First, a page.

Kyoto-based Nidec Corporation is a major supplier of electric motors to various industries, including a 80% global market share in hard disk drive (HDD) motors. In a recent announcement in April this year, they revealed an ambitious plan to vastly increase their supply capacity to the auto industry. In the article, we look at how their business plan sheds light on the predicted growth of EVs.
Japan’s first small commercial EV from a start up company was registered by its manufacturer HW ELECTRO. I joined their CEO, Hsiao Weicheng, at the registration office to learn about the car and find out if registration went smoothly.
On April 5th, 2021, eMP (e-Mobility Power) announced that it had acquired 15 billion yen (137 million USD) through third-party allocation. The companies invested in this new joint venture include Toyota, Nissan, Honda and Mitsubishi.
The price of a Tesla Model 3 has been significantly reduced, with both the Standard Range Plus (SR+) and Long Range (LR) models under 5 million yen ($47009) for the first time.
The EV ARIYA, Nissan’s new crossover Electric vehicle, was announced on the 15th of July. Besides a base price of 5 million yen ($47,000), there are few details available to the public, and deliveries will not start until the middle of 2021. Until then, several exciting new EVs from Nissan’s competitors (Honda e, DS 3 Crossback E-tense, Lexus UX-300e, Mazda MX-30) will be released. Is it worth waiting for the ARIYA?
A ‘Well To Wheel’ (WtW) analysis allows us to compare the environmental impact of different vehicles. In short, it considers the total energy cost of a car, from digging oil in a well, to the manufacture of the vehicle, to the vehicle being driven until it is scrapped. In this article, I will examine a WtW argument put forward by automotive giant Mazda, regarding whether EVs are indeed better for the environment.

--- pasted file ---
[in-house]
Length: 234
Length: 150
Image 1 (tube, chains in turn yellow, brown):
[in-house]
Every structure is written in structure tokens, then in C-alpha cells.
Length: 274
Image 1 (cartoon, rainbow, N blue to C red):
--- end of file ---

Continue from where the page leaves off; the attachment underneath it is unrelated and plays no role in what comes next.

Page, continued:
At the Tokyo Motor Show in 2017, Toyota announced that they would commericalize all-solid-state battery technology for EVs by early 2020s. Since then, all-solid-state batteries have been considered a crucial component in the evolution of the EV industry. However, can we rely upon this technology as much as Toyota claims? To answer this question, I interviewed Mr. Toru Amazutsumi, a specialist in the field of battery research.
by Tomomi Hakomori
The devastation caused by typhoon Faxai in Chiba last month revealed Japan’s vulnerability in the midst of a changing climate. Whilst national and local governments struggled to provide sufficient aid, some people in the region survived the disaster with help from their BEVs and V2H systems. The author met with a Chiba resident to discuss his family’s story.
On July 20th, 2019, Tesla Owners Club Japan (TOCJ) partnered up with EV Owners Club (EVOC) once again to hold the 3rd annual Fuji-Subaru Line EV Parade Run. A total of 66 EVs gathered at the foot of Mt. Fuji to participate in various activities.
On July 9th, 2019, a Tesla-based lecture on electric vehicles (Advanced Technology Workshop) was held at Yamanashi Prefectural Kyonan High Technical College. This lecture, brought to the students with the help of the Tesla Owners Club Japan (TOCJ) members, was the 3rd annual lecture of its kind. Following the lecture, there was a test ride session for the students to experience first-hand riding in the passenger seat of Tesla Models S and X.